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Math Help - Functions as power series

  1. #1
    Junior Member symstar's Avatar
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    Functions as power series

    My real question does not have to do with the problem itself so much as it has to do with a concept within problems like these... or, perhaps, series in general.

    f(x)=\frac{x^3}{(x-2)^2}

    Breaking it down into pieces, starting first with the following...
    \frac{1}{x-2}= \sum_{n=0}^{\infty} \frac{1}{2^{n+1}}x^n

    Now to the next step (where my problems begin)...
    \frac{1}{(x-2)^2}
    =\frac{d}{dx}\Big[\frac{1}{x-2}\Big]
    =\frac{d}{dx}\Big[
    \sum_{n=0}^{\infty} \frac{1}{2^{n+1}}x^n\Big]

    And now my problem...
    =\sum_{n=1}^{\infty}
    \frac{1}{2^{n+1}}nx^{n-1}

    My problem is in not knowing how we went from starting the sum at n=0 to suddenly starting it at n=1.

    Why does this happen and when should it happen?
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  2. #2
    MHF Contributor

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    Quote Originally Posted by symstar View Post
    My real question does not have to do with the problem itself so much as it has to do with a concept within problems like these... or, perhaps, series in general.

    f(x)=\frac{x^3}{(x-2)^2}

    Breaking it down into pieces, starting first with the following...
    \frac{1}{x-2}= \sum_{n=0}^{\infty} \frac{1}{2^{n+1}}x^n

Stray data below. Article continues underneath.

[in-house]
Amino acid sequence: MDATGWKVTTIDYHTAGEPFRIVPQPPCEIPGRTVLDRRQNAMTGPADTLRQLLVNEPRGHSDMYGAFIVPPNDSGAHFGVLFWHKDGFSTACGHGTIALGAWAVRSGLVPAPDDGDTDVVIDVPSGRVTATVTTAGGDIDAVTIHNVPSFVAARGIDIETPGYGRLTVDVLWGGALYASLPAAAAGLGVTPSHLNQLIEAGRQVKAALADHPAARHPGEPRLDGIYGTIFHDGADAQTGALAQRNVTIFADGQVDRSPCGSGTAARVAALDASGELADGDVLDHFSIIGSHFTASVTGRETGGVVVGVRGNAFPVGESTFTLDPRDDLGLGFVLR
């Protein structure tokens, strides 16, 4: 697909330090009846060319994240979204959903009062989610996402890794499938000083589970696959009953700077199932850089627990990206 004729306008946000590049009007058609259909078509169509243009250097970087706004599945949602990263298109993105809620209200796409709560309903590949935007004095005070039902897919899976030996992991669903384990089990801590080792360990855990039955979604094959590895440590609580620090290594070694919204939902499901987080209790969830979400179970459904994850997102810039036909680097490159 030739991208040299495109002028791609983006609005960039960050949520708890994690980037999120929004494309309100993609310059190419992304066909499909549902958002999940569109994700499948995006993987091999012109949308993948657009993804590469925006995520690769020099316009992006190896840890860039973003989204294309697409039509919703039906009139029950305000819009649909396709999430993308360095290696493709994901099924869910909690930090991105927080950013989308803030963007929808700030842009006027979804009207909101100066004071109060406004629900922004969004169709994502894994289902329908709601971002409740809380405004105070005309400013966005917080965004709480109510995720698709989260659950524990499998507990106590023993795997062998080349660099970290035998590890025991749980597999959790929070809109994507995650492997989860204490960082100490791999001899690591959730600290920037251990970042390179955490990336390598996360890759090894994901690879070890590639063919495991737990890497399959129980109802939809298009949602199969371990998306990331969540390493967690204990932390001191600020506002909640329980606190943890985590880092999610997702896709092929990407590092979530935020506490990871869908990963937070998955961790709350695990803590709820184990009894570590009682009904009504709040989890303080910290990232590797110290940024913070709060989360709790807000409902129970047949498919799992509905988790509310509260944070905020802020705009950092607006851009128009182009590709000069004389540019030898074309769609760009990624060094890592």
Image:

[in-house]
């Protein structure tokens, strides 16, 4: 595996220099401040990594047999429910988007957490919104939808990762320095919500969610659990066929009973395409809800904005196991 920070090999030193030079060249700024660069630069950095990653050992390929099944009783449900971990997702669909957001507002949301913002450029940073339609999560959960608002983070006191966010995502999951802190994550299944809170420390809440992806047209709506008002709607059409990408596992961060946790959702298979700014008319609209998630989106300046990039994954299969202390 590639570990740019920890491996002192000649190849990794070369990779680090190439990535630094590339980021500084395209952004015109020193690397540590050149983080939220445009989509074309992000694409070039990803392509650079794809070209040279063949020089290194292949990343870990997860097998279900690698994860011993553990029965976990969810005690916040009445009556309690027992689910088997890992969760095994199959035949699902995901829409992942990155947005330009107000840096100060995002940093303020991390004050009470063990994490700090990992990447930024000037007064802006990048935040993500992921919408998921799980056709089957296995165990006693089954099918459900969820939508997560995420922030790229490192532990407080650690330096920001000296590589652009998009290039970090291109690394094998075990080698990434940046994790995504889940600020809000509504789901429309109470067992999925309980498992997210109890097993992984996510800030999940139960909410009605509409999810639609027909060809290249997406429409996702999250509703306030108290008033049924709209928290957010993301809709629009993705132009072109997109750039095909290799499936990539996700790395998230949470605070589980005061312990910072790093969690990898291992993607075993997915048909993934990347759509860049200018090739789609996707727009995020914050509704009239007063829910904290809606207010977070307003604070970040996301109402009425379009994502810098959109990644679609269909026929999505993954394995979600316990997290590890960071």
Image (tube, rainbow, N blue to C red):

Now to the next step (where my problems begin)...
    \frac{1}{(x-2)^2}
    =\frac{d}{dx}\Big[\frac{1}{x-2}\Big]
    =\frac{d}{dx}\Big[
    \sum_{n=0}^{\infty} \frac{1}{2^{n+1}}x^n\Big]

    And now my problem...
    =\sum_{n=1}^{\infty}
    \frac{1}{2^{n+1}}nx^{n-1}

    My problem is in not knowing how we went from starting the sum at n=0 to suddenly starting it at n=1.

    Why does this happen and when should it happen?
    Because
    =\sum_{n=0}^{\infty}\frac{1}{2^{n+1}}nx^{n-1}
    and
    =\sum_{n=1}^{\infty}\frac{1}{2^{n+1}}nx^{n-1} are the same sum! There is an "n" multiplied in each term. When n= 0, that term is 0.
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  3. #3
    Junior Member symstar's Avatar
    Joined
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    Berkeley, CA
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    Quote Originally Posted by HallsofIvy View Post
    Because
    =\sum_{n=0}^{\infty}\frac{1}{2^{n+1}}nx^{n-1}
    and
    =\sum_{n=1}^{\infty}\frac{1}{2^{n+1}}nx^{n-1} are the same sum! There is an "n" multiplied in each term. When n= 0, that term is 0.
    Ok, so essentially whenever n=0 makes the term 0, I should make n=1? ...such that:

    =\sum_{n=0}^{\infty}\frac{1}{2^{n+1}}nx^{n-1}
    =\sum_{n=1}^{\infty}\frac{1}{2^{n+1}}nx^{n-1}
    =\sum_{n=0}^{\infty}\frac{n+1}{2^{n+2}}nx^n

    Whenever I don't do this, I'm getting the problems wrong.
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